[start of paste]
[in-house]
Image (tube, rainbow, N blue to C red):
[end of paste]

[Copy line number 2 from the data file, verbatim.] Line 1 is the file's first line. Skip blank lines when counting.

Image (tube, rainbow, N blue to C red):